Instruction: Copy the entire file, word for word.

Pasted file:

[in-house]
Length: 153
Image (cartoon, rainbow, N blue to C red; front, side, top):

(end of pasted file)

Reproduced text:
[in-house]
Length: 153
Image (cartoon, rainbow, N blue to C red; front, side, top):